100 years since women got the vote: would we fight for it now in our Darkest Hour?
- Credit: Archant
It’s 100 years since women got the vote. But would we fight for it now? Liz Nice found The Darkest Hour a reminder of times when we still cared enough to fight for our rights #Suffrage100.
Can it really be true that Doritos are planning to create ‘ladies’ crisps which are quieter to eat and less messy?
The story was all over the national papers yesterday, yet in this era of fake news I had that familiar sense that it must be April Fool’s Day again.
As today is the 100 year anniversary of when women first got the vote, it would be strange for PepsiCo, which owns Doritos, to express such an anachronistic sentiment.
The idea of what is appropriate behaviour for ‘young ladies’ takes me back to the days when my mother told me I ought to sit with my legs crossed, resist the urge to share with people every feeling that ever crossed my heart and never eat chips in public.
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By those standards, I am no lady.
But that has been said before.
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Today seems a good day to consider whether being ‘ladylike’ still carries any currency, although as my other half pointed out, the Representation of the People Act 100 years ago, which gave women over 30 the vote (as long as they met the property qualification), also gave the vote to all men over 21 for the first time, so what we are really celebrating today is men getting the vote and women getting a lesser deal.
February 6 1918 was still a great moment for the advancement of democracy however and in an age when our right to vote increasingly feels like a moot point, we do well to reflect on the days when people cared passionately about such things, rather than today’s malaise in which most people seem to feel politics and what goes on in the world has nothing to do with them, preferring instead to obsess over the minutae on social media of what their friends are having for their dinner.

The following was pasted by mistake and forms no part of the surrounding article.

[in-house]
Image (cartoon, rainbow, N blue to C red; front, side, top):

How well this serves our leaders!
How poorly we serve ourselves.
Last night I went to see The Darkest Hour, the film about the events leading up to Dunkirk, and, aside from Gary Oldman’s extraordinary portrayal of Churchill, two things struck me.
Firstly, Churchill’s war cabinet was full of people who strongly disagreed with him; something our politicians today really seem to struggle with. Arguably, it was the vehemence of Chamberlain and Halifax’s desire for peace that drove Churchill to his greatest moment, yet today’s leaders seem to surround themselves with ‘yes’ people, with lukewarm policies and voter responses the result.
Secondly, when Churchill finally came out of the Westminster cloister and went and spoke to the people about what he ought to do, they all had an opinion. They all cared.
Surrender to Hitler? Make peace with the Devil?
‘NEVER!’ they said.
I found myself wondering if Churchill appeared on the Tube today to ask the opinion of the people, whether anyone wouldl even know who he was.
“What should you do about Hitler?” they’d say, scrolling through their phones as a meme of a cat dancing popped into view.
“No idea, mate. Some bloke in Germany, you say? What on earth has that got to do with me?”